One teacher has been back at her job since March. Another is ready to settle with Houston ISD for a year's salary and her promise that she will never apply to work for HISD again, according to her attorney Larry Watts.
But the third and fourth teachers originally accused of helping students cheat on tests at Atherton Elementary are more concerned about their good names than money, according to Watts, who, borrowing a line from The Merchant of Venice ("Who steals my purse steals trash ... but he that filches from me my good name ... makes me poor indeed"), vowed Tuesday to continue battling on their behalf and to wrest an apology from HISD Superintendent Terry Grier.
"We want [Grier] to tell the state that we didn't do anything; that your evidence is not good," Wattts said.
"Sherri Jackson has returned to Atherton, Veronica Davis is settling and Reuel Sosa and Jennifer Sterling are fighting it," Watts said. "They don't want money. All it would take is for Grier to admit he was wrong. There was no evidence."
HISD conducted a four-month investigation into the teachers, specifically in regards to the 2013 Grade 5 STAAR (State of Texas Assessment of Academic Readiness) Math and Reading tests. In April Grier's administration recommended three of the teachers for termination - which school board trustees promptly approved.
About a week ago, the Texas Education Agency began its process of reviewing the report from HISD, said TEA spokeswoman DeEtta Culbertson, adding that if anyone or any organization is found to be at fault, then sanctions will be issued. No details will be revealed while that review is underway, added Clubertson, who said she didn't know when the review would be completed.
Not that attorney Watts, who appealed to the TEA back in April, is holding his breath.
"TEA is first of all a cover. If you can imagine Terry Grier as a transvestite and going to a Southern Baptist convention reception, TEA is who he would select to be his escort."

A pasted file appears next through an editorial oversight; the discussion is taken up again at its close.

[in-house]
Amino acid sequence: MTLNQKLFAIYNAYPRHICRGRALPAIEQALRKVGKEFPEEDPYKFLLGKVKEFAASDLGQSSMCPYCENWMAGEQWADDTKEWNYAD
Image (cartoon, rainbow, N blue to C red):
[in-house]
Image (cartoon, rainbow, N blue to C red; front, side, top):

Instead, Watts said he believes his clients will find more relief in either state or federal court if he can find the right judge.
"Martin, Disiere Jefferson and Wisdom [the firm hired by Grier to investigate the teachers] ran the sloppiest investigation," Watts said. "Of course in Texas you can't sue anybody for a sloppy investigation."
As previously reported, Watts has alleged a pattern of misbehavior by Grier for his past investigations such as the one involving Mable Caleb, former principal of Kashmere High School and Key Middle School, who was ultimately found not guilty after being fired by the district.
At Atherton, the district initially investigated seven teachers. Two were dropped because the teachers weren't working on the testing day, another because it couldn't be verified that the teacher had anything to do with the tests, while with another the number of erasure marks was not considered excessive.
But they did supposedly find an above-average rate of wrong to right answers, a high number of erasure marks and high passing rates that were not reflected in another standardized test given shortly thereafter in the cases they pursued.
Polygraph tests were given to Davis, Sterling and Sosa. All denied that they coached students or otherwise compromised the test results and, according to Watts, all passed the polygraph test administered by a former federal examiner for the U.S. Department of Justice. Flashback:
Keep the Houston Press Free... Since we started the Houston Press, it has been defined as the free, independent voice of Houston, and we would like to keep it that way. Offering our readers free access to incisive coverage of local news, food and culture. Producing stories on everything from political scandals to the hottest new bands, with gutsy reporting, stylish writing, and staffers who've won everything from the Society of Professional Journalists' Sigma Delta Chi feature-writing award to the Casey Medal for Meritorious Journalism. But with local journalism's existence under siege and advertising revenue setbacks having a larger impact, it is important now more than ever for us to rally support behind funding our local journalism. You can help by participating in our "I Support" membership program, allowing us to keep covering Houston with no paywalls.